Vanessa Castro

Hello everyone!

So the purpose for my blog posts will be keeping everyone up with my curatorial process up until the show/exhibition that will be taking place on September 5th.

Since my last curatorial proposal for the grant I have changed a few things about my research and about the show. Ultimately I decided that doing a show on “the use of popular imagery as a means of critique” was way too general and not challenging enough for yours truly. Considering I have done a show already on the use of appropriation in post-millenial art, I decided that I want to narrow down my focus on something that has caught my interest. For this reason I decided to look into the use of the female body, primarily the female nude, in the discourse of art history and how young artists today are using the female body as a vehicle to address what ever they deem pertinent, and how they are using their mediums to expand the way the female body is seen in art and visual culture. I will come back to this soon.

Although it was first proposed at the Gallatin Gallery, I decided to propose the show outside of the NYU vicinity. The academic environment can obscure the intentions of the artists, considering many of their works critique the academic environment’s influence young artists. Considering that artists in New York are visually informed by more than what they are taught at their respective institutions, I wanted to remove the art outside of that context so we can view the work as a part of New York City, not simply within a small academic community. Luckily I already have a place set: The Living Gallery on Broadway in Bushwick. It’s a spacious gallery with a small courtyard in the back. They are very active in the Bushwick art scene and I appreciated the fact that a creative young woman ran the space, for I feel that it is in tune with the curatorial framework that I’m working with.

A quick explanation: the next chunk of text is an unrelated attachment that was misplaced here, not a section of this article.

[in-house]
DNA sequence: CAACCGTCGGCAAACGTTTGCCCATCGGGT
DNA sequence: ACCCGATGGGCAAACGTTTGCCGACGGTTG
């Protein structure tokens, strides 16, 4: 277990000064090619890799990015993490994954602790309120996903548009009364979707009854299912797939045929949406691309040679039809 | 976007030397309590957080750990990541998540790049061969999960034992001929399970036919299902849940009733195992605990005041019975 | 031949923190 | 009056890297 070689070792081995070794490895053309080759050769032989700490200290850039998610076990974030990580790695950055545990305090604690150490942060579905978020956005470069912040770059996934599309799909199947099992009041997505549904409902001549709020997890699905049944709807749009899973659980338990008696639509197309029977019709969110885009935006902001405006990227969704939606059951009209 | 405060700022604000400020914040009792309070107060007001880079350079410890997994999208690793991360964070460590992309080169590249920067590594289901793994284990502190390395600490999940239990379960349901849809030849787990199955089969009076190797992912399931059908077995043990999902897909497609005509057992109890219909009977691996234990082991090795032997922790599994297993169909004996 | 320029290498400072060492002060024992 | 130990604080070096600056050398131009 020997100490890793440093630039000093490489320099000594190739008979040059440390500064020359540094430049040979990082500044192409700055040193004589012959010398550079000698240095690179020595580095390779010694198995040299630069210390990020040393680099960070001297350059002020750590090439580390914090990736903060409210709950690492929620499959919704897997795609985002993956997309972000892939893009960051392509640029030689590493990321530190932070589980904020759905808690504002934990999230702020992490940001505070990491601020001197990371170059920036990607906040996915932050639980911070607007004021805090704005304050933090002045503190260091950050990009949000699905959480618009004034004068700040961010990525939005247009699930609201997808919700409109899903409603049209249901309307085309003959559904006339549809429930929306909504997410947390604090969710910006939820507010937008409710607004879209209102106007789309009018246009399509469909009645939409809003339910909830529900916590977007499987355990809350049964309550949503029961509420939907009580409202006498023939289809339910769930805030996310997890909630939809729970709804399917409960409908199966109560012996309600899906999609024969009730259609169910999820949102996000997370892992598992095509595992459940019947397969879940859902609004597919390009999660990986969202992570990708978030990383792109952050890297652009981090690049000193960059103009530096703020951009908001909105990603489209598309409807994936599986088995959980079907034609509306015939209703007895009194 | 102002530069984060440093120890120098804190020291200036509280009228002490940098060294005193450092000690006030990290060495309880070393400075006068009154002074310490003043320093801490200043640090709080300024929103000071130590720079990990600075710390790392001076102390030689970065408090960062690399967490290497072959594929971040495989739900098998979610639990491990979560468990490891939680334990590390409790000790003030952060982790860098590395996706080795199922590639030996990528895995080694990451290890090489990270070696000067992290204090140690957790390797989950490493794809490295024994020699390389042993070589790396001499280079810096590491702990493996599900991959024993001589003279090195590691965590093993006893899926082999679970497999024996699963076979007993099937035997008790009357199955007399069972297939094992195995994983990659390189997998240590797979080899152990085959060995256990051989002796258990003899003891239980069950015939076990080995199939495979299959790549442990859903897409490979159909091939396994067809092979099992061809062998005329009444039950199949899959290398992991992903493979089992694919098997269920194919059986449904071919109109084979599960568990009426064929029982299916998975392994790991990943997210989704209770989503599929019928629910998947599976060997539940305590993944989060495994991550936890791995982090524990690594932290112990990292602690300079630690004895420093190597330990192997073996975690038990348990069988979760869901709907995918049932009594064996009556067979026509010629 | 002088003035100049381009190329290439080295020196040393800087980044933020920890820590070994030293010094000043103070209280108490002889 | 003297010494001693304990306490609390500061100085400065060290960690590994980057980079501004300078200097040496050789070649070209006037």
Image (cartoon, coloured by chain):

I also have a list of artists, many of which have already responded to me showing interest. My goal is to use as many mediums as possible and try to get the most diverse range of experiences and backgrounds to truly get a taste of what is going on in new art and provoke an engaging discourse between the works.  So far there will be multi-media works, drawings, videos, site-specific works, photography, sculpture, zines, and performance. It is important to show that the idea of the female body has left the limitations of the framed canvas in the museum and has taken many shapes and forms. Not to mention the fact that young artists today have truly transitioned into a more interdisciplinary practice. Hopefully through the variety of mediums the viewer can understand the importance of style and form when addressing such an institutionalized subject.

Finding the artists and space is the fun part. What is really racking my brain is all the academic research. Don’t get me wrong… I am a nerd and can do research all day. I have already read more than 50 essays in the span of two weeks! The part that is driving me crazy is how I can pull all this research together to not only shape my official curatorial proposal, but how it is going to be integrated into an eloquent and efficient 12-15 page research paper. A paper that not only gives the art historical background of the female nude, starting at modernism, but goes into present day, where the internet and cyber theory (a territory that is relatively new and not addressed as much) obviously has to be included. So far I already have 12 pages! And I’m not nearly done!

I have already met with a few artists and will continue to meet with artists in the next week to discuss the show, their works, and how they want to be involved. This part is, personally, the most fun. I love talking to artists and figuring out how we can involve their work in the show. I don’t want to show images yet because nothing is concrete yet.